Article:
Already the middle of March, but due to our dreadfully cold winter and frequent snow storms, the tulips, daffodils and other bulbs have not even started to poke through the ground. A most depressing situation, especially since we were cutting the lawn in February last year. What better time to spend a few days in Victoria, BC’s coastal sunshine capital. This year, our plans were to visit the Parliament Buildings, Provincial Museum, craft breweries and partake in Afternoon Tea.
We booked 4 nights in one of the penthouses at our timeshare – Worldmark Victoria, which is an exceptional condo, right on the shores of Victoria harbour.
View from our balcony
On arrival, we had a reasonable day (no rain), so I sat on the balcony watching the Port Angeles ferry arrive and depart, a number of seaplanes landing/taking off and a multitude of other small boats plying their trade, up and down the harbour.
Each penthouse has a private hot tub on the balcony
Monday was our first full day and it wasn’t the best weather, to be honest, it poured all day. We decided in indoor and driving day was in order, so elected on some shopping for Judi, followed by a craft brewery tour for Andy.
Our first stop was the corner of Bridge Street and Hillside Ave, which just happens to be one of my favourite areas of Victoria. The photo may provide some hints, but you probably guessed why!! – 2 of my favourite breweries reside on this corner – Hoyne and Driftwood. We found parking in front of Hoyne, so they were the first stop.
None of the craft breweries in Victoria are licenced to sell beer by the glass, so you are unable to sit and enjoy some liquid refreshments. At Hoyne, they happily provide small complimentary samples, or a taster flight of 4 beers. They request a $5 cash donation for the flight. No new beers were available on tap, but they did have a limited release Dry Rain Double IPA in bottles, so I departed with one of them and a Dark Matter (stout).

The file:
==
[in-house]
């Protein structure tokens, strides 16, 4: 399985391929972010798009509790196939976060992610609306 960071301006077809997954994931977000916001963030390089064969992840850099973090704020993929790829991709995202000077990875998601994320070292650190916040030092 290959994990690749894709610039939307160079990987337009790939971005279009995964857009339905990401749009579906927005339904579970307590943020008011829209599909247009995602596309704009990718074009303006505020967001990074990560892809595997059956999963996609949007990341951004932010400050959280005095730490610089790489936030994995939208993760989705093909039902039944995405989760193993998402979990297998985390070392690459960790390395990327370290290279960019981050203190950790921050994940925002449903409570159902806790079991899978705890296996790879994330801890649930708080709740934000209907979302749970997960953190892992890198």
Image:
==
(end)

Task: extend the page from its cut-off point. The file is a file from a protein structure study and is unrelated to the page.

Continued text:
Next on the agenda was Driftwood. This is a very small, but well decorated tasting room, where we chatted with another couple and the chap behind the bar. After my usual taste of Black Stone Porter & Fat Tug IPA, the chap asked if I had tried their new English Special Bitter, or more precisely their take on an ESB. Wow, spectacular beer and nothing like I expected, it was actually fairly hoppy, with more than a little hint of citrus. Couldn’t leave without some Fat Tug, so filled a growler and also picked up a bottle of the ESB.
Next on the brewery tour agenda was Phillips, where I picked up a growler of Longboat Porter and Judi got some Ginger Ale. That concluded our tour for this visit, but Lighthouse, 4 Mile and Spinnakers are on the agenda for the next visit to Victoria.
On the Tuesday, we considered visiting the Parliament Building, but when I called on Monday they advised that due to school groups, the guided tours were only available at 09:00 & 16:00, but Wednesday had tours at 09:00, 10:00 & 16:00. Judi doesn’t do 09:00 very well, so we opted for Wednesday at 10:00. The weather was raining off and on, so I decided to brave the elements and planned to walk around the harbour, and check out the Johnson Street bridge replacement, a poorly implemented project that has been featured in the local news. Didn’t take a camera with me due to potential rain, so no harbour photos this year. However, the rain abated and I continued walking, eventually reaching the Westbay Marina, probably about 4 + miles from the condo. Unfortunately, the rain started shortly after I started retracing my steps, needless to say I was soaked upon returning to the condo. Thank goodness for the hot tub!
Wednesday, we departed the condo about 09:30 on yet another dull, grey and overcast day, but at least it wasn’t raining for the short walk to the Parliament Buildings.
BC Parliament Buildings
I will complete a separate post on the Parliament Buildings. On departing the Parliament Buildings, we had planned to visit the Provincial Museum, but none of the special exhibits were of interest. We really wanted to see the Terry Fox exhibit, but it doesn’t open until April.
The Iconic Empress Hotel
Above is the newly renovated Empress Hotel. Note the hotel is now completely cleaned of the ivy, which prior to the renovations had almost completely covered the front.